An escape sequence is represented by a backslash () followed by one or more
characters.
10.
Following table gives a listing of escape sequences:
a
b
f
n
r
t
v
'
"
?
On
xHn
o
Audible bell (alert)
Backspace
Formfeed
Newline or !inefeed
Carriage Return
Horizontal tab
Vertical tab
Backslash
Single quote
Double quote
Question mark
Octal number (On represents the number in octal)
Hexadecimal number (Hn represents the number in hexadecimal)
Null
11.
Floating Constants
Floating constants are also called real
constants.
Real constants are numbers having fractional parts. These may be written in one of the two
forms called fractional form or the exponent form.
A real constant in fraction form consists of signed or unsigned digits including a decimal
point between digits. The rule for writing a real constant in fractional form is given below:
note :-
A real constant in fractional form must have at least one digit before a
decimal point and at least one digit after the decimal point. It may also have either +
or - sign preceding it. A real constant with no sign is assumed to be positive.
The following are valid real constants in fractional form :
2.0, 17.5, - 13.0, - 0.00625
The following are invalid real constants :
7
(No decimal point)
7.
(No digit after decimal point)
+ 17/2
(I-illegal symbol)
17,250.26.2 (Two decimal points)
17,250.262 (comma not allowed)
12.
A real constant in exponent form consists of two parts: mantissa and exponent.
For instance, 5.8 can be written as 0.58 x 101 =0.58 an where mantissa part is 0.58
(the part appearing before E) and exponent part is 1 (the part appearing after E). E01
represents ~01. The rule for writing a real constant in exponent formis given below:
A real constant in exponent form has two parts: a mantissa and an exponent.
The mantissa must be either an integer or a proper real constant. The mantissa is
followed by a letter E or e and the exponent. The exponent must be an integer.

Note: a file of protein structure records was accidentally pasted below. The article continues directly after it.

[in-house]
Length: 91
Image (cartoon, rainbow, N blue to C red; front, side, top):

The following are the valid real constants in exponent form :
152E05, 1.52E07, 0.152E08, 152.0E08, 152E+8, 1520E04, -O.172E3
The following are invalid real constants in exponent form:
(i) 172.E5
(ii) 1.7E
(At least a digit must follow the decimal point)
(No digit specified for exponent)
(iii) 0.17E2.3
(Exponent can not have fractional part)
(iv) 17,225E02
(No comma allowed)
(v) .25E-7
(No preceding digits before decimal point)
13.
terminator character
String Literals
'Multiple Character' constants are treated as string-literals. The rule for writing
string-literal is given below :
A string literal is a sequence of characters surrounded by double quotes
Each character may be represented by an escape sequence.
A string literal is of class type String. And each character takes 2 bytes.
For instance,
"abc" size is 6 bytes.
“ab”
14.
Null Literal :
The null type has one value, the null reference represented by the literal null,
Which is formed from ASCII characters.
A null literal is always of the null type.
Separators :
The following nine ASCII character are the separators (punctuators)
() {} [] ;
,
.
15.
Operators:
Operators are special symbols that perform specific operations on
one, two, or three operands, and then return a result.
Operators Precedence
postfix expr++ expr
unary ++exprexpr+exprexpr~ !
multiplicative * / %
additive + shift <<>>>>>
relational <><= >= instanceof
equality == !=
bitwise AND &
bitwise exclusive OR ^
bitwise inclusive OR |
logical AND &&
logical OR ||
ternary ? :
assignment = += =*= /= %= &= ^= |= <<= >>= >>>=
16.
Data Types
To Identify the type of data and associated operations of handling it.
Java data types are of two types
1) Primitive data types 2) Reference Data Types
17.
Primitive Data Types:
A primitive type is predefined by the language and is named by a reserved keyword.
Thus by primitive data types, we mean fundamental data types offered by JAVA.
The eight primitive data types supported by the Java programming language are:
byte: The byte data type is an 8bit signed two's complement integer. It has a
minimum value of -128 and a maximum value of +127 (inclusive).
short: The short data type is a 16bit signed two's complement integer. It has a
minimum value of -32,768and a maximum value of +32,767 (inclusive).
int: The int data type is a 32bitsigned two's complement integer. It has a
minimum value of2,147,483,648and a maximum value of 2,147,483,647 (inclusive).
long: The long data type is a 64bitsigned two's complement integer. It has a